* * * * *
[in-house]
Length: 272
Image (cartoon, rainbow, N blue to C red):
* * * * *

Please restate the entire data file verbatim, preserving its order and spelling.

[in-house]
Length: 272
Image (cartoon, rainbow, N blue to C red):